Landon Donovan, pictured in his younger days, participated in the U-17 residency program. (Andy Mead/YCJ Photo)
All things must must come to pass.
And that includes the U.S. Soccer Under-17 men’s national team residency program.
The program, which allowed players such as Landon Donovan, DaMarcus Beasley and Kyle Beckerman develop their skills further at an early age, will complete its final semester after 18 years at the IMG Academy in Bradenton, Fla.
U.S. Soccer made the announcement Friday.
There had been talk and rumors of the program possibility being mothballed for a while.
“One of our main hopes when establishing the U.S. Soccer residency program was that at some point advancements in youth player development would make its existence no longer necessary–we believe that point has been reached.” U.S. Soccer President Sunil Gulati said in a statement.
“Not only did the program develop a number of key players for our National Teams, it served as a model for academies across the country to follow. With the U.S. Development Academy having achieved high standards in preparing our young athletes, we are now able to impact future American professionals on a much larger scale.”
Created in 1999, the residency program created an elite training environment for the best 20 youth players in the country by focusing on daily training to improve their development.
The U.S. produced its best U-17 World Cup performance in 1999 when it finished fourth behind the likes of Beasley, Beckerman and Donovan.
Ten residency program alumni went on to play in the World Cup. That included Jozy Altidore, Michael Bradley, Bobby Convey, Omar Gonzalez, Eddie Johnson, Oguchi Onyewu, Jonathan Spector, plus the three aforementioned 1999 WC team players.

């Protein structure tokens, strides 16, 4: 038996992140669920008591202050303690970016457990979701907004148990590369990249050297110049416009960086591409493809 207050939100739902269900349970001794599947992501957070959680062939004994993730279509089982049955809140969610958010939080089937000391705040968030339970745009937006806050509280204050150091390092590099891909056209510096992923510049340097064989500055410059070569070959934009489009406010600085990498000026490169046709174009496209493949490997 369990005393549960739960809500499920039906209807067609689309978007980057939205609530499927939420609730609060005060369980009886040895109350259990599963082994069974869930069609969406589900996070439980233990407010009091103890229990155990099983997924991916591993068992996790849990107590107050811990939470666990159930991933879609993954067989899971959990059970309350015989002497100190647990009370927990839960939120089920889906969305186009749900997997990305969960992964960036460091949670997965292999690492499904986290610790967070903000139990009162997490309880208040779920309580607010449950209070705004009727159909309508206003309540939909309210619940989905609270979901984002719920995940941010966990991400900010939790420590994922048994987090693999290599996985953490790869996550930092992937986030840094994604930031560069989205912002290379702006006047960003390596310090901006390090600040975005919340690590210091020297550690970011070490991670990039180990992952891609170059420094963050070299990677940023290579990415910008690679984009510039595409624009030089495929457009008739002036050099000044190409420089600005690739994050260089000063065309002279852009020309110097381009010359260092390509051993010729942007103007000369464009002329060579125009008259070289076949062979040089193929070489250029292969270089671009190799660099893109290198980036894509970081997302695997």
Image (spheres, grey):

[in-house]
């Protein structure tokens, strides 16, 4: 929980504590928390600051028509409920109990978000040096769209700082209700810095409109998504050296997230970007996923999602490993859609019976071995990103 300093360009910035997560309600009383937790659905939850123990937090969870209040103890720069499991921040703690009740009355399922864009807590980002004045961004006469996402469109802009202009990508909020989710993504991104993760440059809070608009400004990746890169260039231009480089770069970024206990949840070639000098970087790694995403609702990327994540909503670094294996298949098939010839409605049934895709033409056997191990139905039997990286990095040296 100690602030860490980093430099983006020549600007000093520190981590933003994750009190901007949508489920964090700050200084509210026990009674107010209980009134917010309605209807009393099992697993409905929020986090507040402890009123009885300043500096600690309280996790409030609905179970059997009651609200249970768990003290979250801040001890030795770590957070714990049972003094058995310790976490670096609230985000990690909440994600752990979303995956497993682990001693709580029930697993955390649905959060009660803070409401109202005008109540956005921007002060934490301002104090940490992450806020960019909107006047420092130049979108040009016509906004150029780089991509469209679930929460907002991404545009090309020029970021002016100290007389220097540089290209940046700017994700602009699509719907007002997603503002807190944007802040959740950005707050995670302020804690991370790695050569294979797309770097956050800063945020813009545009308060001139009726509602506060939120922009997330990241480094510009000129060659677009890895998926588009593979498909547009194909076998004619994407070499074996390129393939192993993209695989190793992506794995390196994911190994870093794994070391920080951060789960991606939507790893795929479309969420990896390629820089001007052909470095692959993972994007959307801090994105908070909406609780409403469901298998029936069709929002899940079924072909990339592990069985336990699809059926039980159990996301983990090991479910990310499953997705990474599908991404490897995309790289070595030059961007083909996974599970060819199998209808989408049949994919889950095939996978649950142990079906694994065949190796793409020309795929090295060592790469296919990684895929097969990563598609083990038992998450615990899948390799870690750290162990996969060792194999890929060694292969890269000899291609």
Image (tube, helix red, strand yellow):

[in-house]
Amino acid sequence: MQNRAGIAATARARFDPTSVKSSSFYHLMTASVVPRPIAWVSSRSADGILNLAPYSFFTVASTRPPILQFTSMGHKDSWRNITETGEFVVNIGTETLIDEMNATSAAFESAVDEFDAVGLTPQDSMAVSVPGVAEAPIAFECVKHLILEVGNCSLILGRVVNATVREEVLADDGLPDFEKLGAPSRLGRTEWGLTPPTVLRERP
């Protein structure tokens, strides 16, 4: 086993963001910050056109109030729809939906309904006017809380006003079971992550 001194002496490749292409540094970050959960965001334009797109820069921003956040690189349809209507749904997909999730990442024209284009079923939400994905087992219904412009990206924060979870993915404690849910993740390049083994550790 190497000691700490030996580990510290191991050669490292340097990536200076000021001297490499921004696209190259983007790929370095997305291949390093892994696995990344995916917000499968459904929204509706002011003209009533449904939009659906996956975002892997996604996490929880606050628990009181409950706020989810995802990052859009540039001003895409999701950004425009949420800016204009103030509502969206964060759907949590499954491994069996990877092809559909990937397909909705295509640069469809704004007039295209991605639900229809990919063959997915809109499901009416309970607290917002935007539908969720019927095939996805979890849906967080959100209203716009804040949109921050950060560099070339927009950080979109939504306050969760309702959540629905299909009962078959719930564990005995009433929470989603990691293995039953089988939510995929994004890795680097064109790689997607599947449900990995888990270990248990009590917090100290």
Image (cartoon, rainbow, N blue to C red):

The success of the residency program helped guide the 2007 launch of U.S. Soccer’s Development Academy, which took the program model down to the club level, creating an elite development environment across more than 60 clubs and providing thousands of players the opportunity to improve.
In its 10th season, the U.S. Soccer Development Academy has grown to 150 clubs with more than 10,000 registered players after beginning with 63 clubs in 2007. There are now 360 Academy coaches who have earned the USSF ‘A’ license, substantially improving the day-to-day training environment.
This development progress has borne fruit at the international level, with 89 percent of all call-ups to U.S. youth national teams coming from Academy clubs. Twenty-three Academy players have made an appearance for the senior national side.
“It’s a bittersweet moment because the program has been invaluable for almost two decades as a critical piece of the development process for U.S. Soccer,” U.S. U-17 men’s national team head coach John Hackworth said in a statement. “The end of the residency program signals the next step in the evolution of player development in this country.”
The U-17 national team is preparing for CONCACAF qualifying for the 2017 U-17 World Cup. The 2017 CONCACAF U-17 Championship will take place in Panama from April 21-May 7.
“We will maintain robust U-17 programming to accomplish our goals of providing players with international experience, and qualifying and competing in FIFA U-17 World Cups,” Hackworth said. “We will expand on our work with Development Academy coaches and clubs in order to evaluate players in their home environments on a regular basis. We owe a huge thanks to IMG for being amazing hosts, and we fully expect to continue to utilize their fantastic facilities and build on the relationship of the last 18 years.”